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Our holdings include hundreds of glass and film negatives/transparencies that we've scanned ourselves; in addition, many other photos on this site were extracted from reference images (high-resolution tiffs) in the Library of Congress research archive. (To query the database click here.) They are adjusted, restored and reworked by your webmaster in accordance with his aesthetic sensibilities before being downsized and turned into the jpegs you see here. All of these images (including "derivative works") are protected by copyright laws of the United States and other jurisdictions and may not be sold, reproduced or otherwise used for commercial purposes without permission.

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[REV 25-NOV-2014]

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All Aboard: 1930

All Aboard: 1930

"Car interior. Washington & Old Dominion R.R." Another circa 1930 view of a decrepit Pennsylvania Railroad car that seems to have come into the possession of the W. & O.D. Harris & Ewing Collection glass negative. View full size.

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Classic Combine

This car is properly referred to as a "combine" since it combines two cars in one; baggage/express and coach seating.

Judging from the rough track and the rural locale, it may have been working out its last years as a "miner's car," downgraded to commuter service where dirty clothes were a fact of life.

If it ever carried mail, the equipment shown here is strictly non-regulation. Before WWI, postal regulations required a separate, enclosed area, known as the "apartment," usually 10 or 15 feet long on cars of this type, fitted with very specific sorting, storage and handling equipment. In the exterior shot of the car, there is no lettering for U.S. Mail (also required by regulations) or Express service. I'm inclined to think the pigeonholes may be a waybill box and a small desk for the conductor, and the car was being used in freight or mixed train (freight and passenger together) service.

The steam radiators operate only when the car is connected to a passenger service locomotive and/or other passenger cars equipped with steam lines. In the shot of the entire car, note the large round device at the rear, mounted on the side of the roof. This is an exhaust for a separate car heater, so it could be run in freight or mixed train service and still be warm.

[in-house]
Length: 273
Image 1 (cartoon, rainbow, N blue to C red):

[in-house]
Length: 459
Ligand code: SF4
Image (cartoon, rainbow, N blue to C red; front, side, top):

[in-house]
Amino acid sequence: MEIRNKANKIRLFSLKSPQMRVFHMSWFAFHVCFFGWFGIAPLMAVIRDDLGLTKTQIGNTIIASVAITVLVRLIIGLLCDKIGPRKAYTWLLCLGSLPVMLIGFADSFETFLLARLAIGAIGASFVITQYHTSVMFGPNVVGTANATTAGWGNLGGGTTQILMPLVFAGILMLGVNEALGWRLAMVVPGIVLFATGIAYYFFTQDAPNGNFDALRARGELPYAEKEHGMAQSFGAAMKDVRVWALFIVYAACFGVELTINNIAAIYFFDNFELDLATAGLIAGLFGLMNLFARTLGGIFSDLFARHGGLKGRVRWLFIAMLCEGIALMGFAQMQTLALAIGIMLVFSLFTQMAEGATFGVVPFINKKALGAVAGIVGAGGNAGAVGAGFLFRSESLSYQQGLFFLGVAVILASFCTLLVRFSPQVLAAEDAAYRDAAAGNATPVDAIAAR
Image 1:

As for lighting, the car has roof vents for gaslights. Again, in the shot of the entire car, note the large cylindrical tank at the lower center, which was actually a gas storage tank for manufactured or "town gas" like that used in cities. This was much safer and quickly replaced kerosene lamps.

It galloped

This photo puts me in mind of a railroad oddment we used to see often in the Midwest up through the 1950s. It was a motorized rail car that was half cargo and half passenger. It ran between rural communities and metro areas, similar to an interurban, but on the mainline railroads, such as the Chicago & Northwestern. The nickname: The Galloping Goose!


It appears to have had two wood burning stoves at one time. I guess the steam heaters where added later. It's funny to see that this car was old and worn out by the thirties. All wooden cars are pretty rare these days.

Nice door...

There's a nice six-panel solid core door that I wouldn't mind having.

They don't make'em like that anymore.

I would love to have that light fixture in my possession! I keep looking at how precariously the glass globe is perched on that fixture and wishing somehow I could save it!

Please Exit By Rear Platform

This is a "Petticoat Junction" style mail-freight-passenger coach, but it has about ten more passenger seats and is about twelve feet longer. Otherwise, it's much the same.

From the left in the photo, there's a mail sorting desk, the freight door, and a steam radiator to keep the crew warm on those long winter night runs.
Then a heavy wooden door, and a view back through the passenger compartment. The ceiling is a clerestory roof with side vents, which would have allowed a little fresh air into the car on hot days.

On the right, we see another radiator, and another freight door. Which was important, because the train crew could never be sure which side they'd have to unload the luggage and freight from in back then.

The lamp (with its shade falling off) was probably a kerosene lamp. Something of a fire hazard, especially in a wooden car. But this one went all the way to the
end of the line... where it was left to rot away.

SHORPY OLD PHOTO ARCHIVE | History in HD is a vintage photo archive featuring thousands of high-definition images from the 1850s to 1960s. (Available as fine-art prints from the Shorpy Archive.) The site is named after Shorpy Higginbotham, a teenage coal miner who lived 100 years ago.

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